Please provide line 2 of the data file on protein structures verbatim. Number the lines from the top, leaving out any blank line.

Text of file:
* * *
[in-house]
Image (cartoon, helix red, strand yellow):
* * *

Image (cartoon, helix red, strand yellow):